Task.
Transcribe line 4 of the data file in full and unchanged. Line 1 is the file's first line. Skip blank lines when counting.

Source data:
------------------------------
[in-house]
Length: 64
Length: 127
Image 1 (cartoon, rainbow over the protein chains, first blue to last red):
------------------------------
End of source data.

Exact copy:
Image 1 (cartoon, rainbow over the protein chains, first blue to last red):